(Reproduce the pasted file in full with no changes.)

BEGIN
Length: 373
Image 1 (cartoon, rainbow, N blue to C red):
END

Length: 373
Image 1 (cartoon, rainbow, N blue to C red):